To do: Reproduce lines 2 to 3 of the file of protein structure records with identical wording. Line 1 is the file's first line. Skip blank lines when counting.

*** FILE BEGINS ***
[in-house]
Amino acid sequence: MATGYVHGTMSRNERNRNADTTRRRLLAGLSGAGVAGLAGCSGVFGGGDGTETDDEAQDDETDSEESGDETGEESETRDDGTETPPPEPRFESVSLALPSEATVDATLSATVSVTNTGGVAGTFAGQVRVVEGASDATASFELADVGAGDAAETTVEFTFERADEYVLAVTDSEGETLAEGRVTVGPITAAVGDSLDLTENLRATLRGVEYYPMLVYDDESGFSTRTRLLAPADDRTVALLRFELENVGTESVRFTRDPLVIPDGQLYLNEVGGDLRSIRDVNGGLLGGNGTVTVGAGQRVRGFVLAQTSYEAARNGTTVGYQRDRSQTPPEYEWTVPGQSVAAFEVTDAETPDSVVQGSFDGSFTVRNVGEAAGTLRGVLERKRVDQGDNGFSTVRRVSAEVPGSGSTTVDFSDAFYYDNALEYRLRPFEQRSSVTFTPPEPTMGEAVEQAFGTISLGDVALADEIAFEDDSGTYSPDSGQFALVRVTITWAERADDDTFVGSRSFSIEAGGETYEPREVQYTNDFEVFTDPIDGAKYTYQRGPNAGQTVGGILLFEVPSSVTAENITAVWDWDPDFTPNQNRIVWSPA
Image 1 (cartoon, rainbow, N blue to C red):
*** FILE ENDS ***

Amino acid sequence: MATGYVHGTMSRNERNRNADTTRRRLLAGLSGAGVAGLAGCSGVFGGGDGTETDDEAQDDETDSEESGDETGEESETRDDGTETPPPEPRFESVSLALPSEATVDATLSATVSVTNTGGVAGTFAGQVRVVEGASDATASFELADVGAGDAAETTVEFTFERADEYVLAVTDSEGETLAEGRVTVGPITAAVGDSLDLTENLRATLRGVEYYPMLVYDDESGFSTRTRLLAPADDRTVALLRFELENVGTESVRFTRDPLVIPDGQLYLNEVGGDLRSIRDVNGGLLGGNGTVTVGAGQRVRGFVLAQTSYEAARNGTTVGYQRDRSQTPPEYEWTVPGQSVAAFEVTDAETPDSVVQGSFDGSFTVRNVGEAAGTLRGVLERKRVDQGDNGFSTVRRVSAEVPGSGSTTVDFSDAFYYDNALEYRLRPFEQRSSVTFTPPEPTMGEAVEQAFGTISLGDVALADEIAFEDDSGTYSPDSGQFALVRVTITWAERADDDTFVGSRSFSIEAGGETYEPREVQYTNDFEVFTDPIDGAKYTYQRGPNAGQTVGGILLFEVPSSVTAENITAVWDWDPDFTPNQNRIVWSPA
Image 1 (cartoon, rainbow, N blue to C red):